Middle East Troop Pullbacks: A Calculated Risk
Trump appears to have successfully opted for smart strategy over reckless retreat.
President Donald Trump is drawing down American troops from Iraq and Afghanistan, and, not surprisingly, some critics are questioning those pullbacks. Given what happened after Barack Obama’s disastrous withdrawal from Iraq in 2011, which led to the rise of ISIS, among other things, it’s a valid concern. But the context of Trump’s withdrawals is much different than that of Obama’s reckless action.
For starters, Trump ditched the Obama administration’s awful Iran nuclear deal. Then he took out Iran’s terrorist mastermind. Trump also loosened the rules of engagement in the Middle East and Afghanistan, allowing American troops to fight to win rather than merely stay alive as an occupying force — this after eight years of being hobbled by Obama.
But while Trump has been able to turn things around on the battlefield against ISIS and in Iran against the mullahs, he’s also been pulling us out of a hole created by Obama’s eight years of neglect for our geopolitical first responders. This, coupled with George W. Bush’s errors of omission in the early stages of the Global War on Terror, forced our nation into some tough choices and made continued fighting a harder sell.
The other major difference is that Trump is also helping to build peace in the region — with demonstrable results. Recently, the United Arab Emirates and Bahrain agreed to normalize diplomatic relationships with Israel. The question is when Oman will be next. Saudi Arabia has been allowing overflight rights for Israeli planes on direct flights to the UAE, and there are signs that Trump is leveraging close ties with the Saudis to push that country toward normalization as well.
In addition, Trump’s weapons sales to our allies in the region will make it much more costly for any malefactor, be they terrorists like ISIS or the genocidal theocrats of Iran, to start trouble. Since Trump took office, Yemen’s Houthi rebels are no longer taking potshots at American ships.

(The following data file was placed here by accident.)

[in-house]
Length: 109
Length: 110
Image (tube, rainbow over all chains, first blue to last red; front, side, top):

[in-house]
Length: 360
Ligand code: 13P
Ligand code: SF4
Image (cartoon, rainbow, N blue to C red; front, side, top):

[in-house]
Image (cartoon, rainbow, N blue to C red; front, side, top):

Which brings us back to our nation’s revived alliance with Saudi Arabia. While the Obama administration was dithering in its efforts to stop the Iranian regime from gaining control of a country, Yemen, astride a key maritime chokepoint, Trump instead made the call to back the Saudis in that nasty proxy conflict. This was clearly a case in which Trump picked the least bad option.
But Trump’s moves also reflect something else: It’s one thing to pull out on a timetable regardless of conditions in the region, as Obama did. Trump’s troop moves are different in that he’s not only beaten down the threats but has also built up the capabilities of American allies. This has allowed us to maintain a much smaller American footprint.
The fact is, Trump has taken and effectively applied the lessons America learned from the Global War on Terror. This is the difference between a reckless retreat and a smart strategy.
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